The J-10 is the first Chinese-developed combat aircraft that approaches Western fighters in terms of performance. Credit: National Interest.

I wouldn’t exactly call it “TOP GUN” school, but Chinese fighter pilots are learning valuable dog-fighting techniques by taking on “hostile” jet fighters in mock combat.

According to China Central Television (CCTV), in a session at dusk, a J-10 and a Su-30 took off from an airfield in East China’s Zhejiang Province, and engaged a “bad guy” fighter jet group consisting of two J-10s in a mock air battle.

The naval version of J-10 used by the Chinese People’s Liberation Army (PLA) Navy in the exercises was also found to be upgraded with advanced avionics systems and China’s most advanced close-range combat missiles, The Global Times reported.

The naval aviation brigade attached to the PLA Eastern Theater Command held the aerial combat exercises with different types of fighter jets, instead of using only one type of fighter jet like in the past, CCTV said.

It’s believed that jousting with different fighter jets, pilots get to understand the weapon and radar capabilities of their teammates’ aircraft in addition to their own.

The J-10 is good at mid-range combat and the grasp of the battlefield situation, while the Su-30 has an upper hand in short-range combat. The combination of the two can bring combat capabilities to a next level, Global Times reported.

This type of mixed mock combat can also be used to better simulate potentially hostile aircraft, Fu Qianshao, a Chinese military aviation expert, told the Global Times on Tuesday.

Fu said the J-10 is similar to the likes of the US-made F-16 and F/A-18 and France-made Rafale in terms of aerodynamics and mobility, while the Su-30 can play the heavy fighter role like that of the US F-15.

At the biennial air show in Zhuhai in early November 2018, a J-10B fitted with a thrust-vectoring engine demonstrated the cobra maneuver. Credit: China Daily.

With these kind of mock battles, the pilots could figure out many tactics that could be used by the enemies, Fu said, noting that other types of warplanes, including early warning aircraft and electronic warfare aircraft, could also join mock battles, Global Times reported.

Meanwhile, The US maintains a very capable “aggressor squadron” with top-notch combat fighter pilots for exactly the same reasons.

According to The War Zone, they are considered to be vital training assets that keep operational squadrons sharp, at the tip of the spear, and ready for whatever threats may come their way.

Aggressor forces, often decked out in exotic paint schemes, include systems and skilled operators that offer realistic airborne presentations of potential enemy equipment, tactics, and techniques to expose front line aviators to the kind of engagements they could meet in real-world aerial combat.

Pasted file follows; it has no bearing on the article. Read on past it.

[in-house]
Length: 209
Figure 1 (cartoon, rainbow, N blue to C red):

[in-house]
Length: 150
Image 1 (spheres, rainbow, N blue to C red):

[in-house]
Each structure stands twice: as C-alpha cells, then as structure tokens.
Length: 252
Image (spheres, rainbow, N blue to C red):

In the Korean War, USAF pilots achieved a 10:1 kill ratio over North Korean and Chinese adversaries, but by the Vietnam War, this dwindled. By 1968, the kill ratio was an appalling 2.5:1. 

According to the USN, after the establishment of the US Navy’s TOPGUN school — now based at Naval Air Station Fallon in Nevada — the results were dramatic.

The Navy kill-to-loss ratio against the North Vietnamese Air Force MiGs soared from 2.42:1 to 12.5:1, while the Air Force, which had not implemented a similar training program, actually had its kill ratio worsen.

F-16 and F-15 jet fighters of the ‘bad guy’ aggressor fighter group. Credit: The War Zone.

The USAF now operates a similar program at Nellis Air Force Base known as “The Home of the Fighter Pilot,” where it operates “Red Flag” exercises. It is also the home of the USAF’s aggressor forces, War Zone reported.

According to experts, the key to a realistic aggressor squadron is getting into
the head of “the real aggressor.”

Learning how the system operates and how the pilot operates in that particular system — so there’s as much emphasis on trying to look inside the mind of the enemy pilot.

What caliber of person they’re recruiting to fly that asset, the background those pilots are from, what they flew before and experiences they’re likely to have had, where they’ve been based, what operational scenarios they are trained to.

For instance, US fighter pilots would be very interested in knowing how China’s J-10B fighter, and its innovative thrust vectoring system, operate. When a jet fighter like the J-10B can stop on a dime, it’s time to wake up and take note.

Sources: China Central Television, The Global Times, The War Zone, Wikipedia, Time magazine